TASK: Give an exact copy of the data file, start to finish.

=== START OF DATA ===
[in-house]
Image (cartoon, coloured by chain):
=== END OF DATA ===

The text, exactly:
[in-house]
Image (cartoon, coloured by chain):